Table of Contents

Environmental Valuation in Developed Countries

Environmental Valuation in Developed Countries

Case Studies

Edited by David Pearce

This is the second of two volumes of case studies that illustrate how environmental economists place values on environmental assets and on the flows of goods and services generated by those assets. This important book assembles studies that discuss broad areas of application of economic valuation – from amenity and pollution through to water and health risks, from forestry to green urban space. In this, his last book, the late David Pearce brought together leading European experts, contributors to some two dozen case studies exploring the frontiers of economic valuation of natural resources and environmental amenity in the developed world.

Chapter 5: Implications of Declining Discount Rates for UK Climate Change Policy

Ben Groom, Cameron Hepburn and Phoebe Koundouri

Subjects: economics and finance, environmental economics, valuation, environment, environmental economics, valuation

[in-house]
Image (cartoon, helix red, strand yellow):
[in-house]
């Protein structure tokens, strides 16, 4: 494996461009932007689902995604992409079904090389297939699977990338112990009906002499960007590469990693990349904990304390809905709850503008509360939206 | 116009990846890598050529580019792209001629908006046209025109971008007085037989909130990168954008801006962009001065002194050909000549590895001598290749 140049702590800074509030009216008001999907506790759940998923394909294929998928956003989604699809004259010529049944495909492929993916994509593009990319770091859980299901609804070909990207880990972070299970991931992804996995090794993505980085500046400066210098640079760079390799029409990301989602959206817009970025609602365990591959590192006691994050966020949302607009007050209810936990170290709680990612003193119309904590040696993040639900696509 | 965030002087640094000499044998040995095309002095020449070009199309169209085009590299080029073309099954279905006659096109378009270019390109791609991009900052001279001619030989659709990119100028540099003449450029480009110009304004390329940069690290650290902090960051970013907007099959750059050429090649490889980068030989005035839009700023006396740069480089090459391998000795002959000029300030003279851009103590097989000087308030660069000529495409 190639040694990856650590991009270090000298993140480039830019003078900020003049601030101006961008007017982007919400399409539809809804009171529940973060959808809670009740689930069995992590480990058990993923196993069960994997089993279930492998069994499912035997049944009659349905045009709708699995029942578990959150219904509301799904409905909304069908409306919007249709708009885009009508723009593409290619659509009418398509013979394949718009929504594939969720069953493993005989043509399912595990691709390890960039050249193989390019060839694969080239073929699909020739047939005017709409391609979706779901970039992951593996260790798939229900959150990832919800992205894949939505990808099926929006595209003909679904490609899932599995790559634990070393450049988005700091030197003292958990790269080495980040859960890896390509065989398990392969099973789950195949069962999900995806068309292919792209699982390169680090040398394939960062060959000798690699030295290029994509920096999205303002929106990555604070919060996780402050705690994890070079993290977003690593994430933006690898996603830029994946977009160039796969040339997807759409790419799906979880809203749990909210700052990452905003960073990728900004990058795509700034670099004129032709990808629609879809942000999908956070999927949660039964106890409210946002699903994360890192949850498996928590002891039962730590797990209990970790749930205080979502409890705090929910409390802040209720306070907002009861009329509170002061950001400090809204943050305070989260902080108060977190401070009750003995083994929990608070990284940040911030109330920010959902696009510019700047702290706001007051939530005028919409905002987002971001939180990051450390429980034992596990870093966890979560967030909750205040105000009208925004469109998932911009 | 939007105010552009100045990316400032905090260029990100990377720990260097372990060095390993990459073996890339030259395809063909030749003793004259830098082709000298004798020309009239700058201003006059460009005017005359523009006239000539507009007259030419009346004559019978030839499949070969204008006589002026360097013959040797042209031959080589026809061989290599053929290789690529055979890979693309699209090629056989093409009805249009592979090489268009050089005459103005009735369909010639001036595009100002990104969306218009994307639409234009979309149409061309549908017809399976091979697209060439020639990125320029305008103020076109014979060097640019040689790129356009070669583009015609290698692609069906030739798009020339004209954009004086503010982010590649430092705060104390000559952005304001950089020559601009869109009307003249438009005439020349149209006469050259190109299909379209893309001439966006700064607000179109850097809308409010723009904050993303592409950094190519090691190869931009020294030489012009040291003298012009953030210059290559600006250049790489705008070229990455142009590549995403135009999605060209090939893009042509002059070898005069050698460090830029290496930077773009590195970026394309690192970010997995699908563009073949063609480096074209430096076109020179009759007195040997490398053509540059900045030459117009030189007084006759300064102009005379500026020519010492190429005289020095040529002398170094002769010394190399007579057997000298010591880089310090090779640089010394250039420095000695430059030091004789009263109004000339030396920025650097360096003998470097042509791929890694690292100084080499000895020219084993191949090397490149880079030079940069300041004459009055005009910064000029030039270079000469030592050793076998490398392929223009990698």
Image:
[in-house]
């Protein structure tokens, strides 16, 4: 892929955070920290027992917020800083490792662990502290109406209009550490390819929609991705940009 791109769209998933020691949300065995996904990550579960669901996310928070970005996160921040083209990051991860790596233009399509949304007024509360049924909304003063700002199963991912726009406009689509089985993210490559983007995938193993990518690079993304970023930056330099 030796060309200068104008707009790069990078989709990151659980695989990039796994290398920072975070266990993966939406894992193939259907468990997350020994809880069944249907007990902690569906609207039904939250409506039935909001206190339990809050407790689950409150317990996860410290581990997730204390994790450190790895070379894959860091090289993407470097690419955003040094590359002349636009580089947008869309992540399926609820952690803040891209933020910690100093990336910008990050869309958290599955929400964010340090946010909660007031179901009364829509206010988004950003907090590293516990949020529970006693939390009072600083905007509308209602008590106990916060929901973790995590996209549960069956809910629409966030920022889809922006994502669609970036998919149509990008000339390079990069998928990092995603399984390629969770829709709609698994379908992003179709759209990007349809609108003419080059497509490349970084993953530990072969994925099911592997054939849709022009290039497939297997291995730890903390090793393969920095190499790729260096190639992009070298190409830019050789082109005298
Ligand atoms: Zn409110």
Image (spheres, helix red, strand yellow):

Ben Groom, Cameron Hepburn, Phoebe Koundouri and David Pearce INTRODUCTION Discussions about applied cost–benefit analysis (CBA) are incomplete without the thorny issue of discounting emerging at some point. Indeed, since the calculation of net present value (NPV), and hence the efficiency of a project or policy, hinges so crucially upon the level of the discount rate applied across time, the analysis of time preference and discounting has become an active area of research in its own right. Nowhere is this debate more hotly contended than when CBA is used to evaluate projects with impacts that extend into the far distant future such as biodiversity conservation, nuclear power and, of course, climate change. This chapter aims to review some of the more recent contributions to this debate and in particular, the theory that underpins recent calls for the use of declining discount rates (DDRs). We then discuss how a schedule of DDRs can be estimated and illustrate their impact upon two topical policy questions: climate change and nuclear power. Economists and others have argued at length over which of several potential discount rates should be used as the Social Discount Rate (SDR) (e.g. Marglin, 1963; Baumol, 1968; Lind, 1982; Portney and Weynant, 1999). Several candidates exist, the most widely recognized of which are 1. the social rate of return on investment and 2. the rate at which society values consumption at different points of time (the social rate of time preference), henceforth r and δ respectively. The distinction between...

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